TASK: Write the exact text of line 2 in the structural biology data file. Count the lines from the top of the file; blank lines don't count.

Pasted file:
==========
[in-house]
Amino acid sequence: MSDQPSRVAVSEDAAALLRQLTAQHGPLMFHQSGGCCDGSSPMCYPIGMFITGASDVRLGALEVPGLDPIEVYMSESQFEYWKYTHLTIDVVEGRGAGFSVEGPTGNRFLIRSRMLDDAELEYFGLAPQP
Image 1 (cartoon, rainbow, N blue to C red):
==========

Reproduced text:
Amino acid sequence: MSDQPSRVAVSEDAAALLRQLTAQHGPLMFHQSGGCCDGSSPMCYPIGMFITGASDVRLGALEVPGLDPIEVYMSESQFEYWKYTHLTIDVVEGRGAGFSVEGPTGNRFLIRSRMLDDAELEYFGLAPQP